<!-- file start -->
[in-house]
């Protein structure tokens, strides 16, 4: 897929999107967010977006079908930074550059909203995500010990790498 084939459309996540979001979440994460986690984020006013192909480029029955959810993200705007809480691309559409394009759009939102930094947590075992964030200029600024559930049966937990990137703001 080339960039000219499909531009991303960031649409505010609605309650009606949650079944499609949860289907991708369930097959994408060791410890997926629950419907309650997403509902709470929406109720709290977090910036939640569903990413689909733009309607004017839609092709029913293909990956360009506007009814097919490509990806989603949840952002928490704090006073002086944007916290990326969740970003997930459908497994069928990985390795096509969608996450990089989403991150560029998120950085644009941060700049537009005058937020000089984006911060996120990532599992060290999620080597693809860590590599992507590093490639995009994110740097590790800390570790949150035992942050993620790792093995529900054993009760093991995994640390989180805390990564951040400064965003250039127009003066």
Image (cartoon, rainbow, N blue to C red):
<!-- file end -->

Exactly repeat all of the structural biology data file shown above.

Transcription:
[in-house]
């Protein structure tokens, strides 16, 4: 897929999107967010977006079908930074550059909203995500010990790498 084939459309996540979001979440994460986690984020006013192909480029029955959810993200705007809480691309559409394009759009939102930094947590075992964030200029600024559930049966937990990137703001 080339960039000219499909531009991303960031649409505010609605309650009606949650079944499609949860289907991708369930097959994408060791410890997926629950419907309650997403509902709470929406109720709290977090910036939640569903990413689909733009309607004017839609092709029913293909990956360009506007009814097919490509990806989603949840952002928490704090006073002086944007916290990326969740970003997930459908497994069928990985390795096509969608996450990089989403991150560029998120950085644009941060700049537009005058937020000089984006911060996120990532599992060290999620080597693809860590590599992507590093490639995009994110740097590790800390570790949150035992942050993620790792093995529900054993009760093991995994640390989180805390990564951040400064965003250039127009003066």
Image (cartoon, rainbow, N blue to C red):